The Tenenbaum Fair Use Defense: Why?

05 April 2009

Professor Nesson's plan to use a fair use defense in the Tenenbaum/RIAA trial is causing quite a stir.  The Harvard Law professor heading up Joel Tenenbaum's defense team seems firmly rooted in his position, believing that file sharing is a fair use.  "From my side the path is straight," he said in a serious of tweets discussing ruminating on his point.

Other copyright experts have weighed in on this approach, in part because Nesson has either asked them for their opinions or has asked them to be expert witnesses at the trial.  They do not agree that file sharing is fair use.  Expert squabbles aside, this Ipper has one question: Why use this defense? 

The original, or at least most previously focused on position was that copyright statutory damages are unconstitutional because of their extremely high ratio between value of actual harm and value of punitive damages.  What do you gain by pursuing the fair use defense that you don't get by pursuing the statutory damages position?

File Sharing Becomes Legal - and?...

Legal file sharing is the most obvious outcome of a successful free use defense, but it really doesn't do us any good.  The music industry is moving towards accepting free file sharing (much to my chagrin).  There's the recent deal in China that creates a free legal way for consumers to download music.  There's also the Canadian proposal to add an opt-out-able music license into internet payments.  And many more proposals and trial runs of different ideas around the world.  Yes, the industry is still pushing things like ISP 3-strikes laws, but it's just buying time.  The industry has a plan.

So, free legal music is coming.  If the fair use defense in the Tenenbaum case succeeds, we just get the same outcome (in a less valuable way - more later) a bit early.  Maybe.  With the slow pace of trials, the court might not even have a chance rule on the issue until the matter is completely moot.

The Statutory Damages Claim - Real Benefits

The Copyright Act's statutory damages apply to all infringement, not just file sharing.  So, if the level of statutory damages is found to be unconstitutional, the change in the law affects anyone accused of copyright infringement.  This includes people who post YouTube videos, musicians who use sampling, and Lessig's poster-child: remix artists.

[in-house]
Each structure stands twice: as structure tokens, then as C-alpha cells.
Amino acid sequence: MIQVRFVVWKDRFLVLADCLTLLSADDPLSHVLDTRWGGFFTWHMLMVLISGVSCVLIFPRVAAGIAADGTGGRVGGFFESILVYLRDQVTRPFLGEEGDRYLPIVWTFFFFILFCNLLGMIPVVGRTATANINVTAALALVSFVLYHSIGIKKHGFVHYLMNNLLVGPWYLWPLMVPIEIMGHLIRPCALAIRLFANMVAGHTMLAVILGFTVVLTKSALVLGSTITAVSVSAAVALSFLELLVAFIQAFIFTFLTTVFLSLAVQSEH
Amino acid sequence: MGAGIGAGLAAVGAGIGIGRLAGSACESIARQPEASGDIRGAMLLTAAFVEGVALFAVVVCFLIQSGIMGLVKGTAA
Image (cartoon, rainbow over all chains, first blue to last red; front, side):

If a court finds the copyright infringement statutory damages to be unconstitutional, we get to make the law fair again.  If a court decides file sharing is fair use, all we get is an even murkier definition of fair use.

Comments

2 Responses to “The Tenenbaum Fair Use Defense: Why?”
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GregSJ said...

"So, free legal music is coming."
All the evidence I have seen points towards the music industry trying to establish blanket licensing programs, which may appear free to the end user, but will likely be taxed or paid for in some way (ISP fee, etc.) http://arstechnica.com/media/news/2009/02/ampuses-ready-to-experiment-with-a-music-service-choruss.ars

That being said I agree that calling file-sharing fair use will just further confuse the fair use definition. I doubt that this will greatly increase peoples' ability to use content without fear of litigation and statutory damages (which ought to be the real goal.)

April 5, 2009 at 10:59:00 AM PDT
dtrizzle said...

GregSJ,

Thanks for your comment. I agree that the music industry would love blanket licensing. I disapprove of such a scheme.

In terms of the statutory damages, they are scary. However, the court has alot of discretion.

"In a case where the infringer sustains the burden of proving, and the court finds, that such infringer was not aware and had no reason to believe that his or her acts constituted an infringement of copyright, the court in its discretion may reduce the award of statutory damages to a sum of not less than $200."

17 U.S.C. 505 (c)(2)

That's a little better.

April 5, 2009 at 5:10:00 PM PDT